Have your idea fleshed out with sufficient detail so that, if it is selected by your teammates, you’re poised to be the “go-to” person with an additional layer of information. If your idea is chosen, you can anticipate your teammates looking to you for an additional layer of guidance, so be prepared to offer the “next level” of detail in the discussion. In terms of presentation, you’ll want to watch your “ums,” “ahs,” and incomplete ideas.

Tip 3: Notice content and process.

This means giving considered attention not just to what you’re saying but how you’re saying it – Wharton really cares how you present yourself and engage with the team. Especially on video, you’ll want to bring extra awareness to your posture, gestures, eye contact and that of others; it’s harder to read non-verbal cues over video, and there might be a time lag that’s not present in person. 

Your ability to share the stage with your colleagues is incredibly important. The ease in which you can pass the conversation from one to the next can be really impactful. Look for ways to “toss the ball” back to your teammates, perhaps by saying their name – or mentioning their idea – to exhibit your ability to draw out the best thinking in others and engage the entire group.

Tip 4: Create the conditions to shine on video.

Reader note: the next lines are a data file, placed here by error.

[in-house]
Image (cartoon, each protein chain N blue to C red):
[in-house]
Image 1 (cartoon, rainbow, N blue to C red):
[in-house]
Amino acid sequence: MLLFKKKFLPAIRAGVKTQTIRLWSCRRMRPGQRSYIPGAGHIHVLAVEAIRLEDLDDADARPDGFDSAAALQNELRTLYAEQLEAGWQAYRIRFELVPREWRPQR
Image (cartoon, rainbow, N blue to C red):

Turn off your email, WhatsApp, or other notifications and DEFINATELY silence your cell phone – anything that might chirp or ding (note that tablets, cell phones, and use of internet browsers are not allowed during the Zoom). Flawless internet connectivity should go without saying, so be sure to test your connection in advance. Like preparations for any virtual MBA interview (see my related article), make sure the space behind your camera is clear and uncluttered, that your lighting is positioned on your face, and that your sound quality is excellent. As mentioned above, eye contact is very important – while it is tempting to look at yourself on your screen, be mindful to engage the interviewer by looking up at the camera instead. To that end, consider a lavalier mic instead of a headset so you don’t have wires extending from your head.

As Wharton suggests, enter the waiting room 10 minutes early – you may have the opportunity to chat and connect with other participants before go time. Zoom will also give you the benefit of seeing everyone’s names; you may wish to jot them down along with the basics of their plan. If you end up being the “note-taker” for your group throughout the sessions, don’t forget to verbally contribute just as much, if not more, than you are taking the time to annotate the proceedings.

Tip 5: Prepare thoughtful questions for your one-on-one